BBC 6 Music is being saved from closure - with the BBC Trust stating that "a convincing case" has not been made for the station to be shut down.
The BBC proposed the station's demise under a strategy rethink, sparking protests from politicians and stars from the worlds of music and broadcasting.
The Trust said the Asian Network - the other station the BBC intended to turn off - was "performing poorly" and that there was a "case for closure".
Today's announcement is welcome news for the growing number of 6 Music's fans, as well as stars like David Bowie, Jarvis Cocker, Lily Allen and Glastonbury organiser Emily Eavis, who have been vocal opponents of plans to axe it. Publicity generated by their campaign helped boost the small station's audience to more than one million listeners a week.
In the Initial Conclusions of its Strategy Review published today, the Trust wrote: "We endorse the BBC Executive's underlying ambition to do fewer things better and thereby focus the BBC more effectively on its core mission, ensure that it plays its full part in promoting the move from analogue to digital and have due regard for the BBC's competitive impact.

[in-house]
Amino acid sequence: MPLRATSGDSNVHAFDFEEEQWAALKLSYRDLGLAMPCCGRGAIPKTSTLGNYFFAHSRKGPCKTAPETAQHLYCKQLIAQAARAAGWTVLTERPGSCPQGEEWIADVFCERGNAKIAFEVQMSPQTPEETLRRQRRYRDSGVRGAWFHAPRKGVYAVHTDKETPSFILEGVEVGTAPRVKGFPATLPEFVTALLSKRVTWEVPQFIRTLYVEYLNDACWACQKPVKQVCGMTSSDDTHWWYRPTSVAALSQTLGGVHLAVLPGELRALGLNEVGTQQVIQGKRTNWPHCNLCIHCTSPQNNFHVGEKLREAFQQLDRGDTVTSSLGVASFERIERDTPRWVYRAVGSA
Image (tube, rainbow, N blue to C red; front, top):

"The Trust does not agree that there is a consistent strategic rationale for closure on grounds either of promoting digital development or market impact."
The BBC Trust said that, if the BBC wanted to put forward a "different proposal" for the overall shape of its music radio stations to "further increase the distinctiveness of the output", it would consider it.
But it "would not expect to see a further proposal to make changes to 6 Music" unless the BBC could meet several conditions, including giving reassurance that there would be "long-term protection for the type of distinctive content currently available uniquely on 6 Music" and providing evidence that "the changes we have already requested to Radio 1 and Radio 2 are under way".
The BBC's Director-General, Mark Thompson, announced earlier this year that the station would be earmarked for closure, pending a wide-ranging strategy review.
The plan needed the approval of the Corporation's governing body, the BBC Trust.
According to previous Corporation figures, BBC 6 Music costs £9 million a year to run.
The BBC Trust also criticised aspects of the Corporation's flagship channel BBC1 today, saying it should be "more ambitious and distinctive, in particular by increasing the variety of programming in pre-watershed peak time and showing greater creative and editorial ambition at 9pm."
BBC2 needed to become "a clearer alternative to BBC1, even at the risk of reaching fewer viewers", it said.
Both BBC1 and BBC2 in daytime are "not meeting audience expectations" on the delivery of public purposes, it said.
Today's announcement came as the BBC published its annual report.
It published updated figures on its talent pay, an issue which has caused much controversy in recent years.
In 2009-10, a total of £52.2 million was spent on salaries above £150,000, down from £54.4 million in 2008-09.